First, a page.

Your child goes through an incredible amount of change in their pre-teen and teenage years. Some seasons will be tough, and you’ll have to adjust your parenting and your expectations to fit what your child needs at that time. In other seasons your child will thrive, and you’ll need to adjust your parenting strategy again.

With so much variability, you won’t be able to do everything right, all the time. You may get frustrated and do or say something you regret. One of the toughest challenges with overcoming mom guilt is learning to accept that you make mistakes. While those moments aren’t fun, they are actually some of the most important teaching moments you’ll have with your child. When they see that you’re human, and you know how to address problems when you mess up, they learn how to do the same. Though a lot is happening in this phase of your child’s life, all you can do is take it day by day and do your best in every moment without looking back on the past with guilt or worrying about the future.

Setting Your Kids Up for a Healthy Future

I encourage kids to take an active role in their health by asking them questions during their pediatrician appointments beginning as early as four years old. While my littlest patients are eager to answer my questions, teenagers need more prompting to engage in a productive conversation. As a mom, it’s important to encourage your child to share their health concerns and questions with their pediatrician. Then after the appointment, help your child apply any new health tips or habits suggested by their provider.

Continuing to Care for Yourself

Though the all-encompassing early years of your child’s life are over, it’s still important you take time for self-care and reject any feelings of mom guilt. The pre-teen and teenage years bring their own set of challenges, and you need to be your healthiest self to meet them head on.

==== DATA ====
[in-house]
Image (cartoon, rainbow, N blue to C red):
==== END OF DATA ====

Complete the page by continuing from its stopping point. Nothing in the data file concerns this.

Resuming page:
A mother’s work is never done. Even after your kids grow up and leave your house, they’ll always need your support and encouragement. I have Crohn’s Disease, and my mom still reminds me to take care of myself and empowers me on my health journey, just like she has my entire life.

There are so many different seasons in motherhood. If you’re in a crazy one, embrace the chaos. If you’re in a calm one, enjoy the quiet. Each phase is full of blessings, and I encourage you to soak up every last one.

Janell Vinson, MD

Dr. Vinson studied medicine at Brown Medical School in Providence, R.I., and obtained her residency at Arkansas Children’s Hospital in Little Rock through the University of Arkansas for Medical Sciences Department of Pediatrics.

Vinson, who is board certified in pediatrics, previously practiced in general pediatrics at Merit Health River Region Hospital in Vicksburg, Miss. She also worked in pediatrics at Neshoba County General Hospital and Nursing Home in Philadelphia, Miss.

Dr. Janell Vinson enjoys cooking, reading, and entertaining friends and family. “I have an amazing family, which includes a very supportive husband and four sweet girls.”

She and her family attend New Life Church-Greater Little Rock, where they are involved in various church-sponsored activities.

Dr. Vinson joined the Baptist Health Pediatric Clinic-Conway in 2018. The clinic is located at 625 United Drive, Suite 360, which is on the Baptist Health Medical Center-Conway campus. It is open Monday through Friday from 8 a.m. to 5 p.m. and accepts new patients.